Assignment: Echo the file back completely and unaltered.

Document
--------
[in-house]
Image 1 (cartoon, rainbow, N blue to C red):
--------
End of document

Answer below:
[in-house]
Image 1 (cartoon, rainbow, N blue to C red):